Greek discussion of unified organic form, as both a biological principle and a literary virtue, has been very influential in Western criticism. What survives before late antiquity of that Greek tradition as applied to literature is, however, relatively sparse; crucial above all are the Homeric poems and ancient discussion of them, together with some passages of Plato and Aristotle. The fact that the bulk of later surviving criticism derives from rhetorical teaching, heavily indebted to the Isocratean tradition, means that much greater prominence is given to the closely related ideas of variety (poikilia) and the avoidance of monotony over the course of a long work, and to the arrangement and ordering (taxis) of narrative than to “unity”; there is no standard term for “unity” in Greek criticism.Homer announces the subject of the Iliad as the wrath of Achilles, which wrought terrible destruction upon the Greeks, but, however dominant the story of the wrath and its consequences, the scope of the poem is clearly not limited to that subject. Reflection upon the Iliad stands at the beginning and the heart of ancient discussion of unity, and it is the Iliad that shows why “unity” and “variety” are entirely compatible in ancient criticism.

Article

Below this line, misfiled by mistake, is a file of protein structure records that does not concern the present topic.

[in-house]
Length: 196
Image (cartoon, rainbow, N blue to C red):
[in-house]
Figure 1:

Peripatetic author from Callatis (Mangalia, Romania). Works: (1)Bioi (Lives) of kings, statesmen, orators, philosophers, and poets, known chiefly from citations by *Athenaeus (1) and *Diogenes (6) Laertius. POxy. 1176 preserves a substantial fragment on *Euripides from book 6, which also covered *Aeschylus and *Sophocles (1). Satyrus evidently used a *dialogue form; though the style is agreeable, the approach is unscholarly, material being drawn from comedy and anecdote, and from passages in Euripides' plays uncritically treated as autobiographical.(2)Peri characteron (On characters); the one fragment, a passage quoted by Athenaeus (4. 168e), exhibits the moralistic propensity observable in the fragments of the Lives. (Other authors of the same name should be credited with works On the*demesof*Alexandria(1) (FGrH631, cf. POxy. 2465 (RE18), on myths (RE19; see next entry), and on gems (RE20).